If you were a software house (and who knows, one day you may be) and you needed some music in a hurry, then you would be straight on the phone to Computer music supremo and ex-New Romantic David Whittaker. We talked to him about Specs, Bugs and Rock 'n' Roll.
Dave Whittaker - a story
I was in a band called Beu Leisure - it was sort of New Romantic Pop. Actually we were quite well known in Altrincham. Then I started playing around with a Vic 20 which lead me via some games programming for Mr Micro to music programming since my stuff was better than the other programmers.
Eventually I was doing music full time. Then I went to Terminal software who sort of turned into Binary Design.
OK then. What's the one thing that the Commodore has got that the 48K Spectrum doesn't more expensive games? Well yes but something else. Fewer sprites on screen? OK, but something else. Curiously blocky graphics? Yep, but something else. Much better music. That's the one. Spectrum owners though supplied with infinitely more original games (first) and often more detailed graphics have suffered in the sound department.
No longer. With the 128K machines Spectrum owners have a sound chip which is capable of funking great musicial soundtracks. It's taken a while but now you can get down to the sound of the Spectrum. In this special feature we talk to Dave Whittaker author of some brilliant soundtracks including Glider Rider and The Tube.
I use my own music driver. It runs on a Tatung Einsten. It lets you write in a stream of bytes which represent either musical notes or effects and arranges those phrases into patterns - it's like a machine code sequencer. It means it's comparatively simple to write in single-channel chords, vibrato and various other special effects. Did you say single-channel chords Dave?
Yes, the chord of C major is the notes C E and G and get the machine to play those notes in succession very quickly - an arpeggio really - and it sounds like a chord is being played.
With regard to hardware, the only thing I use is a Yamaha CX5 computer synthesiser to work out the notes. It's wonderful.
What doesn't work at all well on the Spectrum 128K is copies of real music particularly if it is slow - you just don't have enought channels to waste one on one long note. Far better is fast stuff oartucularly if it can sound a bit japanese because the standard sound chip in the 128K Spectrum can only produce square waves on the oscillator - these have a definite twangy quality. Short fast little notes are ideal.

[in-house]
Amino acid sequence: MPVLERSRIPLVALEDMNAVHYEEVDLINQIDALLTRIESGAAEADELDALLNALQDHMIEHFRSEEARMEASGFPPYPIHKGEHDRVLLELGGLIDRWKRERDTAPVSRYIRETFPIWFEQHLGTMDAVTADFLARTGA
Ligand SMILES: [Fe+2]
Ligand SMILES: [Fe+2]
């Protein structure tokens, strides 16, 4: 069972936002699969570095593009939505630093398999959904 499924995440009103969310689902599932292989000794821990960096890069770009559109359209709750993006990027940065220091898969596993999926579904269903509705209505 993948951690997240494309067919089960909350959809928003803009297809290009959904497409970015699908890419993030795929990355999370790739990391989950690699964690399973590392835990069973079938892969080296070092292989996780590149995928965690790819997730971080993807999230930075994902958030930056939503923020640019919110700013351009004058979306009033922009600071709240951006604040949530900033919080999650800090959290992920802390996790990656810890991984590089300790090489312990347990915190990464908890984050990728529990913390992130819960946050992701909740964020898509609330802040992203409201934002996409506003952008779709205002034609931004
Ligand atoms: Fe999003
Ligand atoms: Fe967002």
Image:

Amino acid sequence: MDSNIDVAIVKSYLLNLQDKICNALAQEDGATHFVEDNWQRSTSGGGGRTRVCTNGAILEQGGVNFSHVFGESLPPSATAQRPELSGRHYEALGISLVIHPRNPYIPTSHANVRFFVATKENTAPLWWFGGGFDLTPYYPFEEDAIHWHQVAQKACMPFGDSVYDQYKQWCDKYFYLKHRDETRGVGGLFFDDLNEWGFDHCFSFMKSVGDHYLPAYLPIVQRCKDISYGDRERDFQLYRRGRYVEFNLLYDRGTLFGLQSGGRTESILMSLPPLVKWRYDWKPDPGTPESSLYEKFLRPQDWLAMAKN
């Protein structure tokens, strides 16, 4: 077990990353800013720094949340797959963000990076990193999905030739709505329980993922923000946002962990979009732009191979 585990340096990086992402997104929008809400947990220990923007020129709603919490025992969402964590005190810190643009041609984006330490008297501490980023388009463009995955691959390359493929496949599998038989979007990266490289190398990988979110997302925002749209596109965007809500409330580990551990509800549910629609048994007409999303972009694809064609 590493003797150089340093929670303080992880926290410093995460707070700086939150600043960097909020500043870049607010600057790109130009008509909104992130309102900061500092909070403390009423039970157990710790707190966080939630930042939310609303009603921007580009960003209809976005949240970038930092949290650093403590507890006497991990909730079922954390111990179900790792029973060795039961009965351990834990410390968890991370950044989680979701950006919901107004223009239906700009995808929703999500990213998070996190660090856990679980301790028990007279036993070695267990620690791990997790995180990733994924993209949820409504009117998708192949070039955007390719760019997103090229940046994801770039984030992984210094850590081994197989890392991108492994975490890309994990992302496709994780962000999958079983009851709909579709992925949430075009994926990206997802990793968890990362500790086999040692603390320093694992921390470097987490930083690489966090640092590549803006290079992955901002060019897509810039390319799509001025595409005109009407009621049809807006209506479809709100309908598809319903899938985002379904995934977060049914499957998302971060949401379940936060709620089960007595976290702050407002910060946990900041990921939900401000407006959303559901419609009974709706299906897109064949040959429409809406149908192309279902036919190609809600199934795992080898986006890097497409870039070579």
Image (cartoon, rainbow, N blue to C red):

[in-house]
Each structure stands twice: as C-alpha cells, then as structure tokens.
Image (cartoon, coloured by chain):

I try to get bass and drums on a single line so the music might go bom da bom chak where the first three are bass sounds and the fourth is a drum beat. At a later stage I may find that there are odd 'holes' in the track where I can slip in the odd high-hat beat.
I think if there is one thing that makes people know a soundtrack is one of mine it is probably a kind of echo effect I've developed. It works by taking the current note and every so often for a fiftieth of a second playing that notes an octave higher. It isn't really echo but sounds a bit like it.
I don't list to them, though Rob Hubbard uses my music driver.
My ambition is for somebody to put a really good sound chip in a really successful computer something like the CXS chip would probably only cost 10p or something.
What they ask for varies a lot. Mastertronic usually rings up and says "the game's being mastered tomorrow just give us something fast and pacey". That's fun because I can do more or less what I want. Other companies sometimes come to me with all kinds of definite ideas about what they want and sometimes what they have in mind just isn't possible.
I used to be a Bowie fan before he got all successful and American. Other than that I like stuff that is good musically and technically - people like Kraftwerk and Yazoo.
I've just finished the soundtrack for The Living Daylights the new James Bond game from Domark and I'm also at this moment doing Grand Prix Simulator for Codemasters.